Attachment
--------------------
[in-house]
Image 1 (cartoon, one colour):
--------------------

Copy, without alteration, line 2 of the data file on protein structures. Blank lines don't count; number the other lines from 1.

Image 1 (cartoon, one colour):